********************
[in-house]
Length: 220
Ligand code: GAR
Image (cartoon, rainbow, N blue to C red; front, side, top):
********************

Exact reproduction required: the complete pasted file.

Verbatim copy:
[in-house]
Length: 220
Ligand code: GAR
Image (cartoon, rainbow, N blue to C red; front, side, top):